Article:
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Möbius transformations and ellipses
 The Pi Mu Epsilon Journal
, 2007
"... This expository article considers noncircular ellipses in the Riemann
sphere, and the action of the group of Mobius transformations. In
particular, we find which Mobius transformations are symmetries of an
ellipse, and which take one ellipse to another. We also survey some
of the ``special plane ..."
Abstract

Cited by 5 (3 self)
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This expository article considers noncircular ellipses in the Riemann
sphere, and the action of the group of Mobius transformations. In
particular, we find which Mobius transformations are symmetries of an
ellipse, and which take one ellipse to another. We also survey some
of the ``special plane curves'' which appear as inversive images of
the ellipse.
Rethinking geometrical exactness
 Historia Mathematica
"... A crucial concern of earlymodern geometry was that of fixing appropriate norms for deciding whether some objects, procedures, or arguments should or should not be allowed in it. According to Bos, this is the exactness concern. I argue that Descartes ’ way to respond to this concern was to suggest a ..."
Abstract

Cited by 2 (2 self)
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A crucial concern of earlymodern geometry was that of fixing appropriate norms for deciding whether some objects, procedures, or arguments should or should not be allowed in it. According to Bos, this is the exactness concern. I argue that Descartes ’ way to respond to this concern was to suggest an appropriate conservative extension of Euclid’s plane geometry (EPG). In section 1, I outline the exactness concern as, I think, it appeared to Descartes. In section 2, I account for Descartes ’ views on exactness and for his attitude towards the most common sorts of constructions in classical geometry. I also explain in which sense his geometry can be conceived as a conservative extension of EPG. I conclude by briefly discussing some structural similarities and differences between Descartes’ geometry and EPG. Une question cruciale pour la geométrie à l’âge classique fut celle de décider si certains objets, procédures ou arguments devaient ou non être admis au sein de ses limites. Selon Bos, c’est la question de l’exactitude. J’avance que Descartes répondit à cette question en suggérant une extension conservative de la géomètrie plane d’Euclide (EPG). Dans la section 1, je reconstruis la question de l’exactitude ainsi que, selon moi, elle se présentait d’abord aux yeux de Descartes. Dans la section 2, je rends compte des vues de Descartes sur la question de l’exactitude et de son attitude face au types de constructions plus communes dans la geométrie classique. Je montre aussi en quel sens sa geométrie peut se concevoir comme une extension conservative de EPG. Je conclue en discutant brièvement certaines analogies et différences structurales entre la geométrie de Desacrtes et EPG.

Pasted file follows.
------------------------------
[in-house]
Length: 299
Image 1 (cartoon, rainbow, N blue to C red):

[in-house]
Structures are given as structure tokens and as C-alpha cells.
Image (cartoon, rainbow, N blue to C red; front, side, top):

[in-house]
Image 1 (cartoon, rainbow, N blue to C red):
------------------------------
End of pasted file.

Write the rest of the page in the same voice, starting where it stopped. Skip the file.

Ellipses in the inversive plane
"... This expository article considers noncircular ellipses in the Riemann
sphere, and the action of the group of Mobius transformations. In
particular, we find which Mobius transformations are symmetries of an
ellipse, and which take one ellipse to another. We also survey some
of the ``special plane ..."
Abstract
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This expository article considers noncircular ellipses in the Riemann
sphere, and the action of the group of Mobius transformations. In
particular, we find which Mobius transformations are symmetries of an
ellipse, and which take one ellipse to another. We also survey some
of the ``special plane curves'' which appear as inversive images of
the ellipse.
ARISTOTELIAN REALISM
"... Aristotelian, or nonPlatonist, realism holds that mathematics is a science of the real world, just as much as biology or sociology are. Where biology studies living things and sociology studies human social relations, mathematics studies the quantitative or structural aspects of things, such as rat ..."
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Aristotelian, or nonPlatonist, realism holds that mathematics is a science of the real world, just as much as biology or sociology are. Where biology studies living things and sociology studies human social relations, mathematics studies the quantitative or structural aspects of things, such as ratios, or patterns, or complexity,
Indirect proofs and proofs from assumptions
"... In his valuable book on mathematics and its philosophy in the ..."
Aristotle’s prohibition rule on kindcrossing
"... and the definition of mathematics as a science of quantities 1 ..."